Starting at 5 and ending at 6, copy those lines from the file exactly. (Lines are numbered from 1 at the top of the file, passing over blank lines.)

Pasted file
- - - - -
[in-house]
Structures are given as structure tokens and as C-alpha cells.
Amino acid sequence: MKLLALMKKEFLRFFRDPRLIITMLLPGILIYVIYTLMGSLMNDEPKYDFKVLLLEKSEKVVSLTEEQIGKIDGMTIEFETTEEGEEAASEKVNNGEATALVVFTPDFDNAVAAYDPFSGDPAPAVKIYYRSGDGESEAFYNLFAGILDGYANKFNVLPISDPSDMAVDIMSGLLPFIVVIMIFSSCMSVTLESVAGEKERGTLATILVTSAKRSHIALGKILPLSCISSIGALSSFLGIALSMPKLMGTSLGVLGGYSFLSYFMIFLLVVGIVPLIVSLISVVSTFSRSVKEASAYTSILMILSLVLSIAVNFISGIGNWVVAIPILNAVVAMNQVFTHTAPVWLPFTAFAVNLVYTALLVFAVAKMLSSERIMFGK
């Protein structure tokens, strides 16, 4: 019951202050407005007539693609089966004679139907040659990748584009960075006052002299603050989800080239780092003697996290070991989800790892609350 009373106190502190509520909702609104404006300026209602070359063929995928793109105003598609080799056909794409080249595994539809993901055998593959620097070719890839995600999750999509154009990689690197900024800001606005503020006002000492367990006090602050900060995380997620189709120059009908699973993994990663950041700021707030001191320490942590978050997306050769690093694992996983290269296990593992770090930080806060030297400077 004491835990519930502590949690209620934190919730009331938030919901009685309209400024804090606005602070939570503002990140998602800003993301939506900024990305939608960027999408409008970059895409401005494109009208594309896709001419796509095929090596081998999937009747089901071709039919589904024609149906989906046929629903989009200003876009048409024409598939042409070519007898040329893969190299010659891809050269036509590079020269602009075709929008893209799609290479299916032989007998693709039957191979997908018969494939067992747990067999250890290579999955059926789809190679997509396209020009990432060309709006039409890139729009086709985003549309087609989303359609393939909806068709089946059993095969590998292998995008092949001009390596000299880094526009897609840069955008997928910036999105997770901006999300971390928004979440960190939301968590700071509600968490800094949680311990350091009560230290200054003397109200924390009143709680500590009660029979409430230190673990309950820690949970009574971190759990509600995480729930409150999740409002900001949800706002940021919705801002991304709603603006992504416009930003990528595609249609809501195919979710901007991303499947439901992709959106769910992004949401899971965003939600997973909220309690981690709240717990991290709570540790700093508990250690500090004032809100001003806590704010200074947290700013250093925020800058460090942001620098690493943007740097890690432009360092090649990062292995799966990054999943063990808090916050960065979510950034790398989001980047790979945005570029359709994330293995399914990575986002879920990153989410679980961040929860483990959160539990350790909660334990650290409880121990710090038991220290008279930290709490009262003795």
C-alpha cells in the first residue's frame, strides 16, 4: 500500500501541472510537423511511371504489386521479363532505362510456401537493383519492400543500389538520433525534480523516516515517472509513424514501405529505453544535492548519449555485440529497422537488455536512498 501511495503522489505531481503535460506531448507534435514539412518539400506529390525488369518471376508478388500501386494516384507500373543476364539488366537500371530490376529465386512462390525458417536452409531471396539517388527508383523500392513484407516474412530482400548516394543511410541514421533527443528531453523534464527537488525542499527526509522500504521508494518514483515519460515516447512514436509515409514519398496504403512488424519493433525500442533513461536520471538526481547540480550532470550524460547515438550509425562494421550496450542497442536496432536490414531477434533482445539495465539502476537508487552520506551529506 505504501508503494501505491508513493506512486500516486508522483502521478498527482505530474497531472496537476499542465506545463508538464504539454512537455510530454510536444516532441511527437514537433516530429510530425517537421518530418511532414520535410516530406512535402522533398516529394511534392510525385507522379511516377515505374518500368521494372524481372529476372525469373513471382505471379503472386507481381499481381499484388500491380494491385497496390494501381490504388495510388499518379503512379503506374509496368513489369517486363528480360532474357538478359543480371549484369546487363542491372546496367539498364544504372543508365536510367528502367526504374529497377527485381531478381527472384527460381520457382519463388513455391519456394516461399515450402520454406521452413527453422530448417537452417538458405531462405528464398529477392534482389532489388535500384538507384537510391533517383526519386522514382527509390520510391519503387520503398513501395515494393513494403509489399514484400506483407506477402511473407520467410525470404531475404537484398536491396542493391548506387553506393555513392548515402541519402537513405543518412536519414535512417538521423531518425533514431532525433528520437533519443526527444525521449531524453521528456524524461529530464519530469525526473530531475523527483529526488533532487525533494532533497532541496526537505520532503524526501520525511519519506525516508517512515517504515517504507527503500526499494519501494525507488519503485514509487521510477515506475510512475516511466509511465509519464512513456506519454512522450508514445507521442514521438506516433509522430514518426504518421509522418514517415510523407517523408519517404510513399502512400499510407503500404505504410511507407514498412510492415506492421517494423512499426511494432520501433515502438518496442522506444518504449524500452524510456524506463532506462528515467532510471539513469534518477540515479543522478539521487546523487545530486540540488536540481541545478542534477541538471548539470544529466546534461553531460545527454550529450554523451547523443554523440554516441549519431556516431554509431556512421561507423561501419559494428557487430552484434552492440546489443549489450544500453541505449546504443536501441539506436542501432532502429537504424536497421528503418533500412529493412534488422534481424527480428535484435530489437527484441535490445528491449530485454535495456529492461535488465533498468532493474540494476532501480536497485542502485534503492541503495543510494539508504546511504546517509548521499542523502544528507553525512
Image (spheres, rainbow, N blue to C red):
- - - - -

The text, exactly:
C-alpha cells in the first residue's frame, strides 16, 4: 500500500501541472510537423511511371504489386521479363532505362510456401537493383519492400543500389538520433525534480523516516515517472509513424514501405529505453544535492548519449555485440529497422537488455536512498 501511495503522489505531481503535460506531448507534435514539412518539400506529390525488369518471376508478388500501386494516384507500373543476364539488366537500371530490376529465386512462390525458417536452409531471396539517388527508383523500392513484407516474412530482400548516394543511410541514421533527443528531453523534464527537488525542499527526509522500504521508494518514483515519460515516447512514436509515409514519398496504403512488424519493433525500442533513461536520471538526481547540480550532470550524460547515438550509425562494421550496450542497442536496432536490414531477434533482445539495465539502476537508487552520506551529506 505504501508503494501505491508513493506512486500516486508522483502521478498527482505530474497531472496537476499542465506545463508538464504539454512537455510530454510536444516532441511527437514537433516530429510530425517537421518530418511532414520535410516530406512535402522533398516529394511534392510525385507522379511516377515505374518500368521494372524481372529476372525469373513471382505471379503472386507481381499481381499484388500491380494491385497496390494501381490504388495510388499518379503512379503506374509496368513489369517486363528480360532474357538478359543480371549484369546487363542491372546496367539498364544504372543508365536510367528502367526504374529497377527485381531478381527472384527460381520457382519463388513455391519456394516461399515450402520454406521452413527453422530448417537452417538458405531462405528464398529477392534482389532489388535500384538507384537510391533517383526519386522514382527509390520510391519503387520503398513501395515494393513494403509489399514484400506483407506477402511473407520467410525470404531475404537484398536491396542493391548506387553506393555513392548515402541519402537513405543518412536519414535512417538521423531518425533514431532525433528520437533519443526527444525521449531524453521528456524524461529530464519530469525526473530531475523527483529526488533532487525533494532533497532541496526537505520532503524526501520525511519519506525516508517512515517504515517504507527503500526499494519501494525507488519503485514509487521510477515506475510512475516511466509511465509519464512513456506519454512522450508514445507521442514521438506516433509522430514518426504518421509522418514517415510523407517523408519517404510513399502512400499510407503500404505504410511507407514498412510492415506492421517494423512499426511494432520501433515502438518496442522506444518504449524500452524510456524506463532506462528515467532510471539513469534518477540515479543522478539521487546523487545530486540540488536540481541545478542534477541538471548539470544529466546534461553531460545527454550529450554523451547523443554523440554516441549519431556516431554509431556512421561507423561501419559494428557487430552484434552492440546489443549489450544500453541505449546504443536501441539506436542501432532502429537504424536497421528503418533500412529493412534488422534481424527480428535484435530489437527484441535490445528491449530485454535495456529492461535488465533498468532493474540494476532501480536497485542502485534503492541503495543510494539508504546511504546517509548521499542523502544528507553525512
Image (spheres, rainbow, N blue to C red):